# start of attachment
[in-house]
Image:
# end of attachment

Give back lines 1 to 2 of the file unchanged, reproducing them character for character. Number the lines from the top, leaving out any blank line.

[in-house]
Image: